Wheelchair Athletes Test Access
More than 550 wheelchair athletes are in Tampa for the 33rd National Veterans Wheelchair Games. Under the Americans with Disabilities Act, public places have to be accessible to them. But one group of athletes from South Florida found some places are more accommodating than others.
Shannon Buchholz traveled from Aventura with a group of athletes that included her husband Harvey, who has multiple sclerosis and uses a motorized wheelchair. Shannon said she made a reservation for 10, including four people in wheelchairs and one service dog, at Bern's on Saturday night after opening ceremonies for the games.
"They want to sit down just like the next guy having their dinner and enjoying their evening," Shannon said. "We don't ask for more than that. We want to be able to get through the door, have a meal, pay our bill, say we had a lovely evening and move on to the next day."
When they got to their table, they were a seat short. She said the waiter kept apologizing, but didn't bring another chair.
"After a few minutes I was really disgusted. My husband was upset. He said, 'Let's just leave. If you're not going to eat, I'm not going to eat,'" Shannon said.
She asked to speak to the general manager, who said there was nothing written in the reservation book that she was coming with wheelchairs and a dog.
"I said, excuse me, did you happen to notice this group? Do you think I make a habit of bringing in this many wheelchairs and a dog without adding it into my reservation?"
Rebecca Williams works with the Southeast ADA Center answering questions about the Americans with Disabilities Act. She hears all kinds of stories from people who have trouble accessing public places.
"I do get calls that say, 'How come no one's come along and made sure this restaurant is accessible?'" Williams said. "As we like to say, there's no ADA police. There's no governmental agency that sends people out to check restaurants, check hair salons, to check the Walmarts. Those changes come either when a business understands its responsibilities for access, or somebody can't get in, and they talk with the business about why they're not accessible, or either a federal complaint or lawsuit is filed."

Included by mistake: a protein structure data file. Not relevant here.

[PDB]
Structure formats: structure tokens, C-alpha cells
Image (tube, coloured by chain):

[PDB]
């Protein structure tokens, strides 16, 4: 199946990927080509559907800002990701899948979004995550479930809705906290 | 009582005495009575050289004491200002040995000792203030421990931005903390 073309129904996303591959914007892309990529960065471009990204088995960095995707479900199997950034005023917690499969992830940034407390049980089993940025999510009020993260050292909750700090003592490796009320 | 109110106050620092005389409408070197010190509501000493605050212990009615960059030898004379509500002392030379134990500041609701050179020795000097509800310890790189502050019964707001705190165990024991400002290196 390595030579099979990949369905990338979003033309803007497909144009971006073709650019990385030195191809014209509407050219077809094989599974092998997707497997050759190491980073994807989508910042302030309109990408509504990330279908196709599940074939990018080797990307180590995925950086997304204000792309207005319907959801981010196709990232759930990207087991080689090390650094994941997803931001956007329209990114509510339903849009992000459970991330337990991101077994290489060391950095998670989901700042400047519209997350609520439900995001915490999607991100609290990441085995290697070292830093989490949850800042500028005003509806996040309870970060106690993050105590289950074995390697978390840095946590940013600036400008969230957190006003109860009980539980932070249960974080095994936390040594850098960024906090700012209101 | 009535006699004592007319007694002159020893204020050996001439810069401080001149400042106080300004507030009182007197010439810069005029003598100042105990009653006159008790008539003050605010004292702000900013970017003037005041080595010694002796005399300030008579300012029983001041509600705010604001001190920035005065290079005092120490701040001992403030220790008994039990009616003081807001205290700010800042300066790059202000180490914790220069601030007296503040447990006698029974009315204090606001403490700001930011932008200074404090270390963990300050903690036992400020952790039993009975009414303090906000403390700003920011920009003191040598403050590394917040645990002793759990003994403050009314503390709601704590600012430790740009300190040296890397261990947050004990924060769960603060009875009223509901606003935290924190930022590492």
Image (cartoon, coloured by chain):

On Monday night, Shannon's group was looking for a restaurant that would be more accommodating to the group, including Harvey's miniature Pomeranian, Razzi, which is specially trained to alert Harvey when he's about to have a seizure.
The group of wheelchair athletes, their coach, a spouse and another friend ended up at Jackson's Bistro, about a quarter mile from the convention center. They waited about five minutes to be seated.
"They gave us a table that had on room on all sides," Shannon said. "The dog was the issue at the beginning. But they got over it. They just need to know what the rules are."
According to Williams from the Southeast ADA Center, there are two questions restaurant employers can ask: Is that a service animal and what does it do for you?
"Many times, such as somebody who has diabetes or seizures, it's a hidden disability," Williams said.
A business can't ask to see a certification for the animal, nor does the animal have to wear a special vest.
The general manager of Jackson's says the restaurant's owners hired a specialist a couple years ago to go through the facility and remodel to make sure everything was accessible to people in wheelchairs.
Wheelchair athlete Larry Blocher of Delray Beach said he would go there again if he comes back to Tampa.
"Easy to get around, accommodations are good, (restroom) facilities are fantastic, no problem getting in and out," Blocher said.
Shannon's husband Harvey Buchholz agrees.
"It may not be a four star restaurant, but the way we were treated, and the food was good," he said. "They get it in our book."
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